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  1. JDK
  2. JDK-4722567

File and File{In,Out}putStream path directories inconsistent if user.dir is set on cmd line

    Details

    • Type: Bug
    • Status: Closed
    • Priority: P4
    • Resolution: Duplicate
    • Affects Version/s: 1.4.0
    • Fix Version/s: None
    • Component/s: core-libs
    • Labels:
    • Subcomponent:
    • CPU:
      x86
    • OS:
      windows_xp

      Description

      Name: nt126004 Date: 07/29/2002


      FULL PRODUCT VERSION :
      java version "1.4.0"
      Java(TM) 2 Runtime Environment, Standard Edition (build 1.4.0-b92)
      Java HotSpot(TM) Client VM (build 1.4.0-b92, mixed mode)

      FULL OPERATING SYSTEM VERSION : Microsoft Windows XP
      [Version 5.1.2600]


      A DESCRIPTION OF THE PROBLEM :
      There are serious inconsistencies in the handling of non-
      absolute paths in the File and
      FileInputStream/FileOutputStream classes in Windows.

      The problem arises when the initial current directory (A)
      is different to the user.dir directory (B).

      new FileInputStream("xxx") always seems to open "xxx" in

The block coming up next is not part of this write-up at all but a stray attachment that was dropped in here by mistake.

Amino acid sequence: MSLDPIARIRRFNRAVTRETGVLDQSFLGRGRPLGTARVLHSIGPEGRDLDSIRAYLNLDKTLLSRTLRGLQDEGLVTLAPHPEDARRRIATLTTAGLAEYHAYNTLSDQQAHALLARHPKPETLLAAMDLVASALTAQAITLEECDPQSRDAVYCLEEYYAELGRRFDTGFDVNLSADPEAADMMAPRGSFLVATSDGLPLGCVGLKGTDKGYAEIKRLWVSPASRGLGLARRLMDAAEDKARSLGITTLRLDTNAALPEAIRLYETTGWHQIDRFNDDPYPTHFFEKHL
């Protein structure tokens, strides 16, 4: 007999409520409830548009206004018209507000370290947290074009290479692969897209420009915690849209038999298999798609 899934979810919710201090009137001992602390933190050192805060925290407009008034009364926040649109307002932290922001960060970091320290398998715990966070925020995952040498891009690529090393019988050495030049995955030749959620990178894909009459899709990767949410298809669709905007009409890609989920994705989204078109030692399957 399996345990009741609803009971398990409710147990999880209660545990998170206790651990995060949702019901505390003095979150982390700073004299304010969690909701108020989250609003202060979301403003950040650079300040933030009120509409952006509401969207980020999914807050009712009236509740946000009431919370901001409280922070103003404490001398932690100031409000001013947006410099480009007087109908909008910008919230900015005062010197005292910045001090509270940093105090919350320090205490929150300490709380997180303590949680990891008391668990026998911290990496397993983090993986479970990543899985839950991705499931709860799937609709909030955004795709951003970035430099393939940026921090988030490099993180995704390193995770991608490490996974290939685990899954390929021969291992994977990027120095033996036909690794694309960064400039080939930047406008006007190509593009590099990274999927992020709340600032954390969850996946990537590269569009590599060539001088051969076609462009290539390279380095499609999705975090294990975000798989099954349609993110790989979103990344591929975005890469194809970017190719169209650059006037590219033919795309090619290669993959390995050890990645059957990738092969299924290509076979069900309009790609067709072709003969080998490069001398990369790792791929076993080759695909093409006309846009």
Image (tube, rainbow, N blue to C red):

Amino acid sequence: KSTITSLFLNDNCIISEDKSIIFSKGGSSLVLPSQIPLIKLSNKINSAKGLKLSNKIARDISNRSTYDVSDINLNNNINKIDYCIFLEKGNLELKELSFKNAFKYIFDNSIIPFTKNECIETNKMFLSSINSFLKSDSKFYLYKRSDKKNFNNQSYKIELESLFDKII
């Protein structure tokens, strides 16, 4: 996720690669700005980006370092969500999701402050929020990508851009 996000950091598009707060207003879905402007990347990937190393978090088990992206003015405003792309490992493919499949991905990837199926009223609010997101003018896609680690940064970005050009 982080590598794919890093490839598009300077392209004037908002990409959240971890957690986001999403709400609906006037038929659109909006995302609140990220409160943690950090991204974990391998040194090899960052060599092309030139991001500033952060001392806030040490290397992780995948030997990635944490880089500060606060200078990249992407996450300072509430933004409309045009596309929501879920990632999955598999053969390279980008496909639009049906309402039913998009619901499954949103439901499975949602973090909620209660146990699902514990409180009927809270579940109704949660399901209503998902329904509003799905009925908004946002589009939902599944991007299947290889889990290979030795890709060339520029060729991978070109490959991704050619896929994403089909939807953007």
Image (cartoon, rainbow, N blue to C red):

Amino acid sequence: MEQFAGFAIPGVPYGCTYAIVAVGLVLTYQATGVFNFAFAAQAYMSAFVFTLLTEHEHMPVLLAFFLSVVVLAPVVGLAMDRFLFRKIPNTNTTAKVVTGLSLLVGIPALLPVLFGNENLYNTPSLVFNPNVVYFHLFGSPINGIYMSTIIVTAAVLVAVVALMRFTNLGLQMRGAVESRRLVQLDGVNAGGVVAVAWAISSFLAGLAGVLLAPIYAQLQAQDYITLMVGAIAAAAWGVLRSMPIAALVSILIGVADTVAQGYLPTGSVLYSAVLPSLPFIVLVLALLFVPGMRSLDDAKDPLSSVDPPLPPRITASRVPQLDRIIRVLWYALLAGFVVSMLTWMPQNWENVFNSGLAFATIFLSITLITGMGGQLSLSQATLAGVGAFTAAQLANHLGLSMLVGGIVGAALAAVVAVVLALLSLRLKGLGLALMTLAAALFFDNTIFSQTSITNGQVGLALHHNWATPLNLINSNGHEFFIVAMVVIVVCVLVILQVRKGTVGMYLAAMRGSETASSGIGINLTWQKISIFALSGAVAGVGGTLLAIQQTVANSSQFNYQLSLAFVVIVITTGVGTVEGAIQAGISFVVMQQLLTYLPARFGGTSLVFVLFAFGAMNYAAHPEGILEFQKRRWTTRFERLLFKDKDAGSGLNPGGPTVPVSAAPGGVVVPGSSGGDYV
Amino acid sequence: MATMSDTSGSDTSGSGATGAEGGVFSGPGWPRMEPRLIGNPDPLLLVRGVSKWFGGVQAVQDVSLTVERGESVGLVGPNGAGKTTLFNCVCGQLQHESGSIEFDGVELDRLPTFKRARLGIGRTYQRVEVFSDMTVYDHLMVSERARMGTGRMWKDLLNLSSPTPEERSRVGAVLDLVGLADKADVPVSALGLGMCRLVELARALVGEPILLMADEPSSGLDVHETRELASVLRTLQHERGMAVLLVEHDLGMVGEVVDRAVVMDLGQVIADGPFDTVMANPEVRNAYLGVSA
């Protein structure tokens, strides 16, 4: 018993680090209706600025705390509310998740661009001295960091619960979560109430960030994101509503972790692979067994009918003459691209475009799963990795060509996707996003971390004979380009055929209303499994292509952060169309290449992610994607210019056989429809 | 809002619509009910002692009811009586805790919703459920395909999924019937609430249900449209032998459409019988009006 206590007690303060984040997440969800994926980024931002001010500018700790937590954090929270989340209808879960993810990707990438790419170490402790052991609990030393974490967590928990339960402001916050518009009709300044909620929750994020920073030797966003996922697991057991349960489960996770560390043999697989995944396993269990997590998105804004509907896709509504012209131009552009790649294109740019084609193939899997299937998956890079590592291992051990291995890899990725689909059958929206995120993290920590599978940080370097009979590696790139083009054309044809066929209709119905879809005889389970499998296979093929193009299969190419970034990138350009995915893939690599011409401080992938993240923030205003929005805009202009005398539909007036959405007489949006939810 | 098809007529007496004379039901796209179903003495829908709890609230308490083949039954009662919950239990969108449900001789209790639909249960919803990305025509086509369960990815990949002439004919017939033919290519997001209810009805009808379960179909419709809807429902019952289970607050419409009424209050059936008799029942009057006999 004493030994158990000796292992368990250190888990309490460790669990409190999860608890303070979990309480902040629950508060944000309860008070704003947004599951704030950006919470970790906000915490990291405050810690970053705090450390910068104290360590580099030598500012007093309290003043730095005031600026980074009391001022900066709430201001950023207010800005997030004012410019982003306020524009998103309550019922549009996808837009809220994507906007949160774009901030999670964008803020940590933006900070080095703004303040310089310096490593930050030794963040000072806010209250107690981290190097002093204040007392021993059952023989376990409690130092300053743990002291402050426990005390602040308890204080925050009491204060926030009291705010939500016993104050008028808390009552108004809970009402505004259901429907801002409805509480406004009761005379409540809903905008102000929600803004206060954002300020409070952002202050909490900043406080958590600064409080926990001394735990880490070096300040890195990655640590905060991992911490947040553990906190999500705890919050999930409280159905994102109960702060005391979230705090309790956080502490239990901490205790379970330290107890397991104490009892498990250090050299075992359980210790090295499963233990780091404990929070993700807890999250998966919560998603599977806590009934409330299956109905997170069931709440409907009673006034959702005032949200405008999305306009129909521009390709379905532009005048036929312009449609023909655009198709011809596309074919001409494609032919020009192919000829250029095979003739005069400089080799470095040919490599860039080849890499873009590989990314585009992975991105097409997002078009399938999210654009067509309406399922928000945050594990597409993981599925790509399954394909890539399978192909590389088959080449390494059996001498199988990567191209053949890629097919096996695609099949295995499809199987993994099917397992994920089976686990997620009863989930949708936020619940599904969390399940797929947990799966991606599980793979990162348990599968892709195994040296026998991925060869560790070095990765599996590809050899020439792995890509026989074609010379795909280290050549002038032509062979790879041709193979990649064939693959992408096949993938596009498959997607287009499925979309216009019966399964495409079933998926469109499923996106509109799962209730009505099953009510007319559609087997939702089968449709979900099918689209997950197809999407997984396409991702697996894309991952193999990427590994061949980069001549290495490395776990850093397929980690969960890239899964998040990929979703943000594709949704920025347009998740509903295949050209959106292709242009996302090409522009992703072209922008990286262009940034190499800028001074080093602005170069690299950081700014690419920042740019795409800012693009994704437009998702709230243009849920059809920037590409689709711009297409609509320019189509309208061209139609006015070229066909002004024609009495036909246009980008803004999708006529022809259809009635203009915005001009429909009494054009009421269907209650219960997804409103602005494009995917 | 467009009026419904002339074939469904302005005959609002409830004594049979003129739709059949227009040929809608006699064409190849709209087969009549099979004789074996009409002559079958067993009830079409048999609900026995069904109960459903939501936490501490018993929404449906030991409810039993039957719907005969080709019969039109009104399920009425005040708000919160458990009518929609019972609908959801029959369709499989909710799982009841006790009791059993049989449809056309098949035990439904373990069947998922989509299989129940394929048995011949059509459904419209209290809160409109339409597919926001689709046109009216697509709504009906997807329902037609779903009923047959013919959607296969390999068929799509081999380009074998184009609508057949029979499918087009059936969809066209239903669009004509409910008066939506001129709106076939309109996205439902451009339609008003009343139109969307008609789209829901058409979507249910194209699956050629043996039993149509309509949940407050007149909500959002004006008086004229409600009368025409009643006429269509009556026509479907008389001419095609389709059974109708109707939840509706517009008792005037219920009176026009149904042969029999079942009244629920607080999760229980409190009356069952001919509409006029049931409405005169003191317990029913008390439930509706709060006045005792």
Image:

dir A.

      File f = new File("xxx") sometimes refers to dir A and
      sometimes to dir B:
              f.exists() and f.isDirectory() refer to dir A
      while
              f.getCanonicalPath() and f.getAbsolutePath()
      return dir B

      With user entered paths, to avoid confusion, I now have to
      use:
              File f = new File(xxx);
              f = new File(rv.getCanonicalPath());
              and always use new FileInputStream(f)
      to be sure of referring to the same file/dir all of the
      time.

      I suggest that File has a
              private String realPath;
      which is set to rv.getCanonicalPath() in the constructor,
      and is used for all file system accesses.

      And that FileInputStream/FileOutputStream (File file)
      constructor replaces
      String name = file.getPath();

      with
      String name = file.getCanonicalPath();


      These constructors will obviously now have to throw
      IOException as well.
      Or use getAbsolutePath() to avoid throwing this exception.

      STEPS TO FOLLOW TO REPRODUCE THE PROBLEM :
      Run source code from directory say D:\dirA which contains
      file test.txt with user.dir set to say D:\dirB which is
      empty
      eg: java -jar -Duser.dir="D:\dirB" d:\dirA\FilesBug.jar


      EXPECTED VERSUS ACTUAL BEHAVIOR :
      I expect non-absolute paths passed to File and
      FileInputStream/FileOutputStream to consistently refer to
      the same file/dir.

      -----------------
      Windows File and FileInputStream/FileOutputStream path
      directories inconsistent

      user.dir=D:\dirB

      Before getAbsolutePath....
      .... f.exists: true
      .... f.getAbsolutePath(): D:\dirB\test.txt

      After getAbsolutePath.....
      .... f.exists: false

      dir.list() 0 test.txt
      dir.list() 1 FilesBug.class